| Click on "►" to expand:|
[×] Entry inhibitors
 BRAND NAMES
 MECHANISM OF ACTION
Antiviral activity of Didanosine is dependent on intracellular conversion to the active triphosphorylated form. The rate of didanosine phosphorylation varies, depending on cell type.
Inhibition of reverse transcriptase interferes with the generation of DNA copies of viral RNA, a process termed reverse transcription, which, in turn, are necessary for synthesis of new virions.
Intracellular enzymes subsequently eliminate the HIV particle that previously had been uncoated, and left unprotected, during entry into the host cell. Thus, reverse transcriptase inhibitors are virustatic and do not eliminate HIV from the body.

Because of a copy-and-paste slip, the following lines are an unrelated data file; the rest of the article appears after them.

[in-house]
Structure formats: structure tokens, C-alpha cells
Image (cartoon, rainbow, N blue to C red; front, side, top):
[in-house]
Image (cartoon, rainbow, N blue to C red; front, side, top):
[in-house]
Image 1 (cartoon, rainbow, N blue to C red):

Even though human DNA polymerase is less susceptible to the pharmacologic effects of triphosphorylated didanosine, this action may nevertheless account for some of the drug's toxicity.
Didanosine is used in combination with other antiretroviral agents for the treatment of human immunodeficiency virus (HIV)-1 infection. It is given as part of a three-drug regimen that includes another NRTI (e.g., lamivudine, stavudine, zidovudine) and a Protease inhibitor or an NNRTI or an Integrase inhibitor when treating HIV infection.